The cellular mechanism of cAMP-mediated triggered activity is related to intracellular calcium overload and delayed afterdepolarizations (DADs). Agonist binding (either endogenous or exogenous catecholamines) to the β-receptor activates adenylyl cyclase through the stimulatory G protein, Gs. ATP is thus converted to cAMP, and through subsequent phosphorylation of protein kinase A, conductance of the slow-inward channel to calcium is increased, leading to intracellular calcium overload and an oscillatory release of calcium from the sarcoplasmic reticulum. This in turn gives rise to a transient inward current, ITi, and DADs.18 19 Fig 1⇓ summarizes this cascade of events. This schema also provides the rationale for the receptor-specific effects of the pharmacological probes used in this study. The net effect of these probes is to decrease intracellular calcium overload. β-Blockers will attenuate the facilitatory effects of a β-agonist on intracellular cAMP by competitive receptor antagonism. Adenosine lowers stimulated levels of cAMP through a pertussis toxin–sensitive inhibitory guanine nucleotide binding protein, Gi.20 Potentiation of endogenous acetylcholine through vagal maneuvers (ie, Valsalva, carotid sinus pressure) or edrophonium also lowers cAMP by a similar mechanism. Finally, blockade of the slow-inward calcium current with verapamil directly lowers intracellular calcium.18
The study group was made up of 12 patients with RMVT (Table 1⇓). The 7 men and 5 women had a mean age (±SD) of 52±21 years. All patients had evidence of recurrent nonsustained VT; 4 patients also had one documented episode of sustained VT. VT occurred primarily at rest in all patients, although exercise-induced VT was also demonstrated in 3 patients. Two patients had syncope associated with VT; 10 had palpitations and/or dizziness. The duration of symptoms ranged from 1 month to 10 years. Nine patients underwent cardiac catheterization to evaluate right and left ventricular function and coronary anatomy. The remaining 3 patients were evaluated by two-dimensional echocardiography and exercise stress testing. Nine patients had no evidence of structural heart disease, whereas 1 patient had significant three-vessel coronary artery disease (occlusion >70%) and an ejection fraction of 25% and 2 others had an idiopathic dilated cardiomyopathy with an ejection fraction of 40%. Nine patients had normal ECGs. One patient had evidence of left ventricular hypertrophy; 1 had T-wave inversions in leads II, III, and aVF; and 1(without angiographic or echocardiographic evidence of arrhythmogenic right ventricular dysplasia) demonstrated inverted T waves in leads V1 through V3 (patient 3, Table 1⇓). Response to an exercise stress test was evaluated in 6 patients. Sustained monomorphic VT was induced in 2 patients and nonsustained VT (up to 20 beats) in 1 patient; there was complete suppression of RMVT in 1 patient, and exercise testing had no effect on ventricular ectopy in 2 patients.
Electrophysiological studies were performed with patients in the unsedated, postabsorptive state after informed consent had been obtained. All antiarrhythmic agents were discontinued for at least five half-lives before evaluation. Three quadripolar electrode catheters were inserted percutaneously and advanced under fluoroscopic guidance to the high right atrium, right ventricular apex, and AV junction for recording of the His-bundle electrogram. Bipolar intracardiac recordings were filtered at 40 to 400 Hz and were displayed simultaneously with three surface ECG leads on a multichannel oscilloscope. Data were stored on magnetic tape and later recorded on photographic paper for illustrative purposes. Systemic arterial pressure was monitored continuously (Dinamap, Critikon). Stimulation was performed with a programmable stimulator and an isolated constant current source (Bloom Associates). Stimuli were delivered as rectangular pulses of 2-ms duration at four times the diastolic threshold.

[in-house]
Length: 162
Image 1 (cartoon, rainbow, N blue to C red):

The stimulation protocol included the introduction of single, double, and triple extrastimuli during several paced cycle lengths from the high right atrium, right ventricular apex, and RVOT. In addition, all patients underwent sequential atrial and ventricular burst pacing for 15 to 30 beats, beginning at a cycle length of 500 ms and decreasing in 10-ms steps to 250 ms (or to pacing-induced AV nodal Wenckebach in the case of atrial pacing). The ability of isoproterenol (2 to 10 μg/min) to initiate VT alone, during its washout phase, and during concurrent pacing was also evaluated. In selected patients in whom induction of sustained VT was nonreproducible, facilitation of induction was assessed during concurrent infusion of isoproterenol and bolus doses of aminophylline (2.8 mg/kg IV), an adenosine receptor antagonist, and atropine (0.03 mg/kg IV), a muscarinic cholinergic receptor blocker. The ability to entrain each patient’s tachycardia according to previously described criteria was systematically evaluated from the right ventricular apex and RVOT at multiple paced cycle lengths.21 Attempts at entrainment were initiated at cycle lengths 20 ms shorter than the VT cycle length for a duration of 15 beats. The pacing cycle length was then decreased in 10-ms intervals until either tachycardia terminated or a pacing cycle length of 200 ms was achieved.
To reproducibly assess the effect of pharmacological probes on VT, inclusion in the study required that patients with clinical RMVT have either inducible sustained VT (11 patients) or incessant RMVT (1 patient). Sustained VT was defined as tachycardia lasting >30 seconds. VT sensitivity to the following agents was evaluated: (1) adenosine 100 to 475 μg/kg IV given as a rapid bolus followed by a saline flush, (2) edrophonium 1 mg IV initially given over 15 seconds with an additional 9 mg given 45 seconds later, (3) esmolol 500 μg/kg IV given over 1 minute followed by 50 μg · kg−1 · min−1 for 4 minutes, and (4) verapamil 10 to 15 mg IV infused over 60 seconds.
Ambulatory ECG and Analysis of Heart Rate Variability